Disclaimer: I should say I am not a psychologist or biologist, though I have a few college level courses in the prior which probably color my view. In addition, I am not sexually a homosexual and have no personal experience with that aspect of it, though it piques my intellectual interest. Also, I am European (this is apparently a synonym to many).
Question: Do you tend to support a psychological or a biological explanation to why some people are homosexuals? Do you have a "pure" or a "mixed" view of the two, and why?
My opinion: I tend to support the psychological explanation of sexuality due to it being more parsimonious. Being "born" a homosexual doesn't immediately ring clear as a biological explanation requires a number of a priori assumptions of future state of the social environment as one grows up. Two people of the same sex cannot biologically reproduce and thus face extinction. Becoming a homosexual through the psychosocial environment is to me a simpler explanation as this would imply it being either a learned behavior, which may account for homosexual couples having a higher probability of raising a homosexual child, or as a response to other environmental factors such as sexual competition.
I'll stop explaining here and rather see where the discussion goes off to.
(Two notes to add: I don't think homosexuality should be treated even if it is "treatable". It is no more a condition than preferring beer over vodka. Also, I tend to support a twin explanation of both inherited and environmental causes, though with the latter overwhelmingly more explanatory, i.e. 90%)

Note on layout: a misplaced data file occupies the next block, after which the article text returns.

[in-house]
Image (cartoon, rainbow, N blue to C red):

It's obvious biological. Dick Swaab, a dutch brain researcher, discovered this. He saw that the 'sex' part of gay men's brain was different from heterosexual men. It develops in the womb.
It's also psychological, but in the same way it is for straight people.
Speaking as a gay male, who has also had a few college biology and psychology courses, I would argue that homosexuality is genetic based on my personal experiences; additionally, the scientific community has and continues to find evidence that supports a biological explanation. I won't bore you with research that is easily found with a quick Google search.
Instead, I'll give you my personal reasons (not as a scientist or psychologist) for my assertion that homosexuality is biological. I was raised in a Christian home, my parents were married throughout my childhood, and I am the oldest of two sons. My father was a police officer, and my mother a homemaker, and of course I was indoctrinated into the church by them. At an early age I began to feel like something was wrong (that's the indoctrination speaking) or different about me. I played with "boy toys" and enjoyed sports and other activities that are though of as common activities for a young boy.